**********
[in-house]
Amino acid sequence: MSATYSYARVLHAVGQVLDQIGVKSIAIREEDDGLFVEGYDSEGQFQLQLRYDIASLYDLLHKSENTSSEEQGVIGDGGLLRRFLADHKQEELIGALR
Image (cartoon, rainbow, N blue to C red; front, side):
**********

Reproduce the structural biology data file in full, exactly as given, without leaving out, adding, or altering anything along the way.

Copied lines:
[in-house]
Amino acid sequence: MSATYSYARVLHAVGQVLDQIGVKSIAIREEDDGLFVEGYDSEGQFQLQLRYDIASLYDLLHKSENTSSEEQGVIGDGGLLRRFLADHKQEELIGALR
Image (cartoon, rainbow, N blue to C red; front, side):